Lack of sleep is associated with poor health outcomes, such as diabetes, obesity, and cardiovascular disease (CVD)1-5. Despite the importance of sleep, many people in the US report that sleepiness interferes with daily activities6 and fewer than half report awaking feeling rested7. To offset the damaging effects of sleep deficit, researchers have examined improving sleep quality. Contributors to better sleep include a daily routine, physical activity, and exposure to green spaces8,9. Living in a greener neighborhood has been suggested to lower the risk of short sleep duration10 and exposure to nature provides protection from insufficient sleep11. However, less is known regarding overall time outdoors and sleep quality.

Spending time outside is associated with positive health outcomes, including decreased risk of diabetes, obesity, and depression12,13. Some investigations indicate a relationship between time outside and sleep quality. Murray et al.8 reported that the interaction between increased time outdoors and increased physical activity had a positive association with total sleep time8. In addition, time outside in the morning can improve college students’ sleep quality14 and less exposure to daylight influences sleep deficiencies for the elderly15.

The purpose of this study was to assess the association between total time spent outdoors per week and sleep normality. We hypothesize that an increase in time outdoors will increase the odds of normal sleep patterns.



During the summers of 2018 and 2019, data were collected from 735 participants (aged 25–70 years) in Green Heart Louisville’s health study (i.e., Health, Environment, and Action in Louisville—HEAL). HEAL is a non-randomized clinical trial to assess how an intervention of added greenery may affect health, especially risks for and incidence of CVD. Participants completed questionnaires on health status, health behavior, neighborhood characteristics, and demographic information (Supplementary file Figure 1 gives the study design). Due to missing data, the analytic sample for crude analysis and for the regression was 728 and 709, respectively. This study was approved by the University of Louisville’s Institutional Review Board.



Participants reported sleep habits using Patient Health Questionnaire-9 (PHQ-9)16 item 3: ‘Over the past 2 weeks, how often have you been bothered by any of the following problems – trouble falling asleep, staying asleep or sleeping too much?’, with responses ‘not at all’, ‘several days’, ‘more than half the days’ or ‘nearly every day’. This item does not differentiate between insomnia and hypersomnia, but rather includes both as sleeping problems. Therefore, responses were dichotomized as ‘normal sleep’ and ‘non-normal sleep’, where normal included ‘not at all’ responses, and non-normal included all other responses.

Time spent outdoors

Time outdoors per week was reported from participant answers to the question: ‘How much time per week do you spend outdoors in nature?’. Response options were 13 categories that ranged from ‘less than 1 hour’ to ‘more than 16 hours’. Due to small sample sizes in some response areas, the categories were collapsed to five, so that time outdoors responses were analyzed as: ≤4, >4 – ≤8, >8 – ≤12, >12 – ≤16, and >16 hours.

Demographic and other variables

Participants were categorized by several demographic characteristics: age, gender, and race. These characteristics, as well as other variables related to perceptions and behavior, were considered as potential confounders (Table 1). Participants reported self-assessments of overall health, level of bodily pain, feeling safe walking in their neighborhood, regular exercise (over 10 minutes duration), smoking status, typical work area, depression status (PHQ- 9)16, and stress level (Perceived Stress Scale, PSS)17. Lastly, the Perceived Benefits of Nature (PBN)18 questionnaire assessed participant views of nature with higher scores indicating greater perceived benefits.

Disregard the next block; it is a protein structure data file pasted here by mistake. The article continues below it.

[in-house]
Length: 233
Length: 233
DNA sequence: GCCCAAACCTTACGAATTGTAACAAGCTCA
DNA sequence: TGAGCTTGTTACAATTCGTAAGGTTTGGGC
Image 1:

Table 1

Participant characteristics stratified by sleep status, Louisville, Kentucky, 2018–2019 (N=728)

CharacteristicsNormal sleep (n=296)
n (%) or median (IQR)
Non-normal sleep (n=432)
n (%) or median (IQR)
Age (years)51.0 (37.4–61.1)50.9 (38.2–60.3)0.7880
Female163 (55.1)280 (64.8)
Male133 (44.9)152 (35.2)
White230 (78.8)333 (77.6)
Black51 (17.5)76 (17.7)
Other11 (3.8)20 (4.7)
Income (US$)0.29240
<2000061 (22.2)109 (26.4)
20000–4499975 (27.3)130 (31.5)
45000–6499971 (25.8)85 (20.6)
65000–8999936 (13.1)51 (12.4)
90000–12499923 (8.4)31 (7.5)
≥1250009 (3.3)7 (1.7)
Hours spent outdoors per week0.3613
≤4118 (40.1)190 (44.1)
>4 – ≤877 (26.2)110 (25.5)
>8 – ≤1242 (14.3)41 (9.5)
>12 – ≤1622 (7.5)34 (7.9)
>1635 (11.9)56 (13.0)
Excellent22 (7.4)14 (3.25)
Very good128 (43.2)96 (22.3)
Good117 (39.5)203 (47.1)
Fair23 (7.8)98 (22.74)
Poor6 (2.0)20 (4.7)
Bodily pain in past 4 weeks<0.00012
None95 (32.3)35 (8.2)
Very mild88 (29.9)106 (24.7)
Mild54 (18.4)91 (21.2)
Moderate38 (12.9)111 (25.9)
Severe/very severe19 (6.5)86 (20.1)
Feel safe to walk neighborhood, day or night0.0016
Strongly agree45 (15.5)36 (8.4)
Agree115 (39.5)144 (33.4)
Neither agree nor disagree36 (12.4)71 (16.5)
Disagree65 (22.3)103 (23.9)
Strongly disagree30 (10.3)77 (17.9)
Regular exercise0.0088
Yes194 (66.0)239 (56.1)
No100 (34.0)187 (43.9)
Never155 (55.9)180 (44.3)
Former56 (18.9)78 (19.2)
Current71 (25.2)149 (36.5)
Work area0.002181
Mainly outdoors32 (11.9)45 (11.9)
Travel to different buildings/sites15 (5.6)17 (4.5)
In a motor vehicle4 (1.5)8 (2.1)
Mainly indoors180 (66.9)206 (54.5)
Unemployed38 (14.1)102 (27.0)
None or minimal259 (87.5)153 (35.4)
Mild31 (10.5)144 (33.3)
Moderate1 (0.3)74 (17.1)
Moderately severe4 (1.4)38 (8.8)
Severe1 (0.3)23 (5.3)
Low189 (63.8)143 (33.1)
Moderate98 (33.1)240 (55.6)
High9 (3.0)49 (11.3)
Perceived benefits of nature57.0 (49.0–66.0)57.0 (47.0–65.0)0.9720

PHQ: Patient Health Questionnaire.

* Based on chi-squared, Fischer’s exact, or Mann-Whitney U tests.

Statistical analysis

Crude associations were assessed between all variables and the dichotomized sleep variable for 728 participants. When comparing categorical variables with sleep, chi-squared or Fisher’s exact test were conducted depending on the distribution of the variable. When assessing continuous variables with sleep, Mann-Whitney U tests were conducted due to the non-normal distribution of continuous variables.